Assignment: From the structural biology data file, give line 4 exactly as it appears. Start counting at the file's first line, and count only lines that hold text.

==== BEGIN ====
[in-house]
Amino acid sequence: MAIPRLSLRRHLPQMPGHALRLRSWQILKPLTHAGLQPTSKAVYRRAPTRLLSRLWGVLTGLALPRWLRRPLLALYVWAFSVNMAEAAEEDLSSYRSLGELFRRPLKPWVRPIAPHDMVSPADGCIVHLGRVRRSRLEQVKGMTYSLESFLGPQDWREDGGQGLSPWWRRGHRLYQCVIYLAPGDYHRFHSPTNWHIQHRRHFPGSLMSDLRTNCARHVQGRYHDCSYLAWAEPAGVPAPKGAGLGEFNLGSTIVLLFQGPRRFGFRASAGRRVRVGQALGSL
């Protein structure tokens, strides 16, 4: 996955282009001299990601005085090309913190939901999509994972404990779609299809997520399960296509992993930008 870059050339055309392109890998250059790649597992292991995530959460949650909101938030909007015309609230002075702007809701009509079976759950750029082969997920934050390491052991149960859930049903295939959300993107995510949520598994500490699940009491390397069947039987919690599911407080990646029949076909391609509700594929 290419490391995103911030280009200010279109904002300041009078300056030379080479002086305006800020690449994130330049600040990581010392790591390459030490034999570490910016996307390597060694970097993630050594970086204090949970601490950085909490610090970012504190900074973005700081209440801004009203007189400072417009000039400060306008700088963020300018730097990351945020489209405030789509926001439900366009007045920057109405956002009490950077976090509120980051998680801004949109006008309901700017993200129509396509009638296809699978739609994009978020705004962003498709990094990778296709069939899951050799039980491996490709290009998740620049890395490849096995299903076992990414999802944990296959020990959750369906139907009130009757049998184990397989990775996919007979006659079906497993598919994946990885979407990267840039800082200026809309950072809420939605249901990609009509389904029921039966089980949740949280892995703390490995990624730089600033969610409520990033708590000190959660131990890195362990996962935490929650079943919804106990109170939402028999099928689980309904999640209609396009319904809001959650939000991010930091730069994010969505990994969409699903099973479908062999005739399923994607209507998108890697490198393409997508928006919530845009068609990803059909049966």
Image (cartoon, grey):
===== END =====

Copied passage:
Image (cartoon, grey):